The science behind the making
Eco Maximus has probably saved billions of trees from being axed, simply by exploiting the excretory system of elephants. The logic is infallible. Elephants have a highly fibrous diet consisting of bamboo, sugar cane, grass, bananas and other fruits, leaves, twigs and various plant parts.
They possess inefficient digestive systems that can only semi-digest the fibers they consume, leaving them usable for future processing. Manual segregation of these fibers, followed by boiling at high temperatures, creates the equivalent of wood pulp, without the need to industrially destroy natural forests. They also ensure the handmade paper is chlorine and acid-free, making it ecologically safe. The foundation purchases manure from elephant sanctuaries across Sri Lanka, contributing to their continued activities in wildlife welfare.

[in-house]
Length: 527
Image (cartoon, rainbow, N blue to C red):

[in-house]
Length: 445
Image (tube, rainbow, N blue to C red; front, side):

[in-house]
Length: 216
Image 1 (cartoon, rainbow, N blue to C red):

Humble roots create deep social impacts
«We should recycle as much as possible. If a business can be built from that, then that’s good too» says founder of Eco Maximus, Thusita Ranasinghe. He is an environmental activist whose social entrepreneurial mind set has benefited local wildlife and human communities, across Sri Lanka. In twenty five years, from a seven-member team to a 200 employee large home-grown business, Ranasinghe has changed livelihoods.